At the Movies-Hidden Figures, the Power of One
John 8:31-32 Jesus said, “If you hold to my teaching, you are really my disciples. 32 Then you will know the truth, and the truth will set you free.”
Show these two clips back to back:
I love movies that are based on true stories. The 2016 blockbuster movie, “Hidden Figures,” told the almost untold story of three women, three African-American women who were beyond brilliant. They were employed by NASA in the early 1960’s as mathematicians.
Dorothy Vaughn was one of the three. She led a team of what were deemed “human computers.” She instructed the team about an early computer code before anyone at NASA had the foggiest idea of what it was all about. Even though she was passed over for promotions because of the color of her skin, she faithfully worked as a supervisor without the title and without the pay for many years.
Mary Jackson became NASA’S first African-American Aerospace engineer after having begun at NASA as a mathematician.
It was the incredible mathematical calculations done by the hand of WV born Katherine Johnson that became the centerpiece of the movie. Katherine, who is now 98 years old, was a physicist and mathematician. Her nearly untold story was a remarkable tale of how she calculated the complex trajectories and launch windows to back up NASA’S own computers, giving the space program the go-ahead to send John Glenn into orbit! Glenn orbited the earth three times and returned home safely because of the brilliant mind of Katherine Johnson.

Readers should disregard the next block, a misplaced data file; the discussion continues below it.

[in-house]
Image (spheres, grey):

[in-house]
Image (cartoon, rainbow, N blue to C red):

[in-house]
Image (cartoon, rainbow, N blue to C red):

Without these three women who were on the front lines of our space program, all while remaining “Hidden Figures” behind the scenes, we wouldn’t be where we are today. They relentlessly worked to make an impact, fighting major discrimination not only as persons of color, but as women who were working in a “man’s world.” Until very recent years, they almost remained “hidden figures” in American history.